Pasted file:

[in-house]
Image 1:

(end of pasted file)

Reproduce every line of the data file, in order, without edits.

[in-house]
Image 1: